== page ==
Future exhibition

Isabelle Cornaro. Sunset

29.08.2021 – 31.10.2021

Isabelle Cornaro works with painting, sculpture, film and installation to explore the influence of history and culture on our perception of reality. Trained as an art historian specializing in 16th century European Mannerism, her visual language draws from a wide range of references from the Baroque to modernist abstraction. Her installation Paysage avec Poussin et témoins oculaires (Landscape with Poussin and Eyewitnesses, 2008), in which she paraphrased the ideal landscapes of the classicist Baroque painter Nicolas Poussin (1594-1665) and explored the relationship between landscape, painting, and sculpture in a distinctive style with a cleverly balanced mix of cheap materials and valuable collectibles, won wide acclaim. In much of her work, Cornaro uses found objects imbued with symbolic potential or emotional value, which she presents in a variety of representational forms and media to reveal the subtle shifts in meaning brought about by processes of reproduction and translation.

Borrowed from domestic, decorative, or functional contexts, these artifacts are often associated with Western culture as a means of power. Their combination and arrangement in the artist’s work invites the viewer to question the relationships between systems of representation and our understanding of the world. Abstracted and transformed with heightened artifice, the staged compositions perform a status shift from instinctively chosen categories such as precious, sacred, or personal into an unfamiliar space with unnatural excess of surreal colors and strong-hued emulsions. In denaturalizing the relationship to the familiar, these objects are offered to intense observation for contemplation, yet at the same time distanced and stripped of their meaning. However, she is also concerned with painting itself, which she formulates in a distanced and unrepresentative way. In her videos, on the other hand, she often thematizes everyday objects/ to which she gives special attention – also on the part of the viewer – by focusing on them in the film. In doing so, she uses the mechanics of film to question traditional patterns of representation and instead accentuate the materiality of objects or body parts, pushing the degree of detachment and alienation.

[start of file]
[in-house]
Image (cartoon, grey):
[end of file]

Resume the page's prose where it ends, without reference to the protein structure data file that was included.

Isabelle Cornaro (b. 1974, France) lives and works in Paris and Zurich. She studied at the École du Louvre and the École Nationale Supérieure des Beaux-Arts de Paris. She has exhibited both in France and internationally, including solo exhibitions at M – Museum, Leuven; Hannah Hoffman Gallery, Los Angeles; Kunsthalle Bern, Bern; Le Magasin, Grenoble; Frac Aquitaine, Bordeaux; Collège des Bernardins, Paris as well as participating in numerous international group exhibitions.

For the fall of 2021, Isabelle Cornaro has been nominated for the Prix Marcel Duchamps with three other French artists*. Her exhibition at the Ludwig Museum in Koblenz is also her first presentation in Germany.
The exhibition is produced in collaboration with the artist, the Musée de l’Orangerie and the Fondation Ricard, Paris. It is sponsored by the Peter and Irene Ludwig Foundation.

A comprehensive catalog will accompany the exhibition.

Isabelle Cornaro is nominated for the Prix Marcel Duchamp 2021

Together with three other artists, Isabelle Cornaro has been nominated for the Marcel Duchamp Prize 2021. Selected by the collectors of ADIAF, these artists will be presented by the Centre Pompidou in a group exhibition opening on October 6, 2021. The winner will be announced on Monday, October 18, 2021.
 
The Ludwig Museum congratulates Isabelle Cornaro and the other nominees on their nomination and looks forward to presenting their work in Germany in 2021.
Isabell Cornaro: Reproductions, Plinths, Day for Night, 2018. Ausstellung: Musée régional d’art contemporain Occitanie / Pyrénées-Méditerranée, Sérignan, France, 2018. Photo: Annik Wetter

Isabell Cornaro: Reproductions, Plinths, Day for Night, 2018. Ausstellung: Musée régional d’art contemporain Occitanie / Pyrénées-Méditerranée, Sérignan, France, 2018. Photo: Annik Wetter

Mieten

Jetzt anfragen